- The Dresden Files likes this trope.
- In Summer Knight, Aurora needs Lilly, because she holds the power of the summer knight, and killing her at that time and place will give the power to the Winter Court.
- In Blood Rites, Lord Raith needs to kill both Harry and Thomas to break the curse their mother laid on him, because it's tied to her bloodline.
- The Red Court needs to kill Harry's daughter so that the spell will trace her bloodline back and hit both Harry and his grandfather Ebenezar, one of the most powerful wizards in the world.
- In Buffy the Vampire Slayer Glory needs Dawn because she's The Key, an interdimensional gateway recently turned into a human being. The fact that activating its power will involve killing her is basically incidental.
- In Angel, the demon Yeshka has the pretty exacting sacrifice requirements that people have to sacrifice their daughter, she has to be a virgin, and it has to be done on the father's fiftieth birthday.
- In The Vampire Diaries, Klaus needs to sacrifice Elena, the latest "Petrova doppleganger", to break the curse binding him. He also needs a vampire and a werewolf, but those are easier to get hold of.
- Almost happens to the Avatar in the beginning of Ultima VI.
- Happens in several The Legend of Zelda titles.
- In Persona 3, Shuji Ikutsuki tries to sacrifice the heroes to bring about The Fall, but it doesn't work.
- Colette Brunel in Tales of Symphonia was to be sacrificed by the Big Bad Mithos to resurrect his sister in her body. Though it is stated that several other people were used for the ritual before, it has never worked before, most likely due to the body not matching or whatever.
- In The King of Fighters, the original ritual to awaken Orochi 1800 years ago included plans for the sacrifice of eight Barrier Maidens, known as the Kushinadas. Seven of these girls were sacrificed (and in the manhua they willingly offered themselves as this, having being told that they'd stay young and pretty eternally in exchange), but the last one was rescued by the Kusanagi, Yasakani and Yata leaders, who then went on fighting and sealing Orochi away. In the present, the New Face Team (Yashiro, Shermie and Chris) kidnap the currently last descendant of this surviving Kushinada, a Girl Next Door from Osaka named Yuki, for the same thing... and commit the HUGE mistake of gloating about their evil plans to Kyo Kusanagi, Chizuru Kagura and Iori Yagami, the descendants of those who fought and sealed Orochi; since Yuki just happens to be Kyo's girlfriend, they piss him off BADLY. Obviously, Yuki is saved from them and Orochi is re-sealed.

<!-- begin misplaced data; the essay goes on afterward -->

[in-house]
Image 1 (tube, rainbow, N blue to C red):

- It's revealed partway through Radiant Historia that the ritual to hold off the end of the world requires someone who's died and been brought back to willingly give up their soul to power it. There are two potential candidates. Too bad one of them is more inclined to let the world end.
- In Gunnerkrigg Court, the first generation of the Court hits upon a self-defense scheme that involves killing a particular person, and immediately afterwards splitting the soul of their grieving lover, so the negative parts of their soul become an angry superpowered spirit, trapped at the place they died. The man who came up with this scheme insisted that the chosen targets were the only ones who would work as a sacrifice, but it's implied that he also selected these two because one of them was the target of his unrequited affection.